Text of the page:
Fashion icon and entrepreneur Stuart Weitzman shares lessons for building a brand, pursuing an idea

Stuart Weitzman speaking at Northeastern University Global Entrepreneurship event.
11/15/23 – BOSTON, MA. – Fashion icon and entrepreneur Stuart Weitzman inspires members of the Northeastern community during a conversation on the eighth floor of the EXP building in Boston on Wednesday, Nov. 15, 2023. Photo by Alyssa Stone/Northeastern University

Stuart Weitzman, a fashion icon and entrepreneur best known for his designer shoes worn by countless A-list celebrities, had some advice for Northeastern University students.

“You have to take risks,” the renowned shoemaker said during a presentation Wednesday at the newly opened EXP research complex on the Boston campus. “If you want to be an entrepreneur, if you want to be creative, if you want to innovate — you have to take risks.”

“This is an entrepreneurially-minded group,” he said. “It is an exciting world to be in — the entrepreneurial world. But it’s a challenge, and you really don’t learn all of the aspects of it until you get out and do it.”

Weitzman’s visit to Northeastern was part of the university’s Global Entrepreneurship Week. celebrations. The event was co-hosted by University Advancement and Mosaic, Northeastern’s student entrepreneurship hub.

Weitzman, CEO and creative director of the luxury brand of shoe stores that bear his name, began his talk by condensing decades of entrepreneurial wisdom into several memorable lessons and principles. 

Among them, Weitzman — who got his start by designing shoes for his father’s business before taking it over after his death — emphasized the importance of taking risks, committing to an idea, cultivating a child-like imagination and relying on others when pursuing a business venture.

A marriage of creativity and business acumen, Weitzman spent his early life apprenticing for his father in Haverhill, Massachusetts. After attending the Wharton School of the University of Pennsylvania, he said he used about one-third of his savings  to purchase a factory to manufacture “one-of-a-kind” designer shoes.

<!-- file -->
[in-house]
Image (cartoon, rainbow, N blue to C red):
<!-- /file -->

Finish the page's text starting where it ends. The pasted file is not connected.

It was a decision, he told the students, he knew wasn’t going to pay dividends in the short run.

“It was kind of ridiculous to take that much money and build something” that wasn’t going to sell at first, he said. “But I had this idea. And, you know, that was a big risk.”

The idea was born out of some combination of niche-seeking and red-carpet intrigue. A student of fashion, Weitzman noted how, in observing red-carpet events, all the women wore designer dresses — and that no two were alike.

“But so many of them had the same shoe on because nobody was making custom shoes,” he said. “I thought, if I could do in footwear what they’re doing with dresses — maybe that is an entree that didn’t exist before.”

After every anecdote, Weitzman offered concise nuggets of wisdom — or “Stuart-isms.” (“Take risks; solve a problem; never do it alone,” etc.) 

“The best advice I can give: work somewhere else first,” he said at one point. “The odds are well in your favor if you can learn something from someone else before you try to do it on your own, like run a major division of a company on your own.”

Sejin Park, a fourth-year nursing student who is interested in potentially working in fashion and beauty, said Weitzman’s talk helped her to think about making a career switch a reality.

“I found the most inspiring part to be: just follow your passion,” Park, 21, said. “As someone who is a nursing major who is trying to do something creative now, that part really spoke to me.” 

Born and raised in Los Angeles, Park said she can see herself doing something entrepreneurial in the future. 

Weitzman and Park spoke briefly before the event. 

“I know that fashion is really cutthroat, and it’s hard industry to break into,” she said. “I think after hearing his talk, it was a little bit more motivational to really chase after what I want to do in the future. I really believe if you put your mind to it and take the risk like he did with his business, you can achieve the things you want.” 

As Weitzman’s brand grew, so too did the demand for his shoes from celebrities and non-celebrities alike. Indeed, the list of collaborations with celebrities is seemingly never-ending, including the likes of Beyoncé, Kate Middleton, Meghan Markle, Taylor Swift and Jennifer Lopez, to name a few.

David Donoian, a third-year marketing student with a fashion minor, said that heading into the talk, he knew about the brand but virtually nothing about Weitzman himself. The 21-year-old, who likes “clothes and movies,” enjoyed the event.

“I’m pretty set on doing marketing and fashion in some form,” he said. 

Donoian was part of a group of students who got to have dinner with Weitzman following his talk. He forwarded his resume and several questions he had for the fashion icon to receive the opportunity. 

“I think it was really cool that he wanted to make his own product under his name,” Donoian said. “To me, I saw this talk as a fashion opportunity. When I learned the context was entrepreneurship, and after hearing everything he said, it just added another dimension to things.”

Alluding to the growth and trajectory of Northeastern’s global network of campuses, Weitzman offered some parting words for students.   

“You are going to be successful like you won’t even imagine,” he said. 

Tanner Stening is a Northeastern Global News reporter. Email him at Follow him on X/Twitter @tstening90.